A plant-based diet can do more than keep you healthy and improve your mood—it boosts brainpower too, if the experience of 23-year-old Swedish student Jonas Von Essen is any example. On Dec. 14, for the second year in a row, Von Essen won the World Memory Championship, a competition that attracts entrants from dozens of countries who complete a wide range of mental challenges. One of his most impressive feats included memorizing 26 packs of cards in one hour. Von Essen has followed a plant-based diet for several years, helping him through both his victory this year in China and in the 2013 competition in the U.K.
How does a vegan diet help the brain? Meat and other animal products contain saturated fat, which rapidly increases blood viscosity (“thickness”). The result, apparently, is diminished blood flow and poorer oxygenation. Plant foods provide beneficial antioxidants that can improve your health and lower your cholesterol, increasing the blood flow to your brain.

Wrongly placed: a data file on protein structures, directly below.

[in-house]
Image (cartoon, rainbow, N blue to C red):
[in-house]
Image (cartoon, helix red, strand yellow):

Endurance athletes have used vegan diets for many years, and those aiming for maximal cognitive function may want to choose them as well.
For more information on how a plant-based diet can boost brainpower and improve memory, visit PowerFoodsfortheBrain.org.
Remember the old “Beef. It’s What’s for Dinner” advertisements? Those were sponsored by the beef checkoff program.
Red meat production and sales have declined as the public has become increasingly aware of the link between meat consumption and chronic disease. For consumer health, this is progress. However, the USDA is now proposing a new “checkoff” program to allocate additional funds—potentially totaling $160 million—towards the promotion and marketing of beef in 2015. And since the USDA also issues national dietary recommendations, this creates a clear conflict of interest.